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The steering system converts the rotation of the steering wheel into a swiveling movement of the road wheels in such a way that the steering-wheel rim turns a long way to move the road wheels a short way.

The system allows a driver to use only light forces to steer a heavy car. The rim of a 15 in. (380 mm) diameter steering wheel moving four turns from full left lock to full right lock travels nearly 16 ft (5 m), while the edge of a road wheel moves a distance of only slightly more than 12 in. (300 mm). If the driver swiveled the road wheel directly, he or she would have to push nearly 16 times as hard.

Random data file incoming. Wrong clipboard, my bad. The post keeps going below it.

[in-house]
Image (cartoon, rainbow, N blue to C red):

The steering effort passes to the wheels through a system of pivoted joints. These are designed to allow the wheels to move up and down with the suspension without changing the steering angle.

They also ensure that when cornering, the inner front wheel – which has to travel round a tighter curve than the outer one – becomes more sharply angled.

The joints must be adjusted very precisely, and even a little looseness in them makes the steering dangerously sloppy and inaccurate.

There are two steering systems in common use – the rack and pinion and the steering box.

On large cars, either system may be power assisted to reduce further the effort needed to move it, especially when the car is moving slowly.

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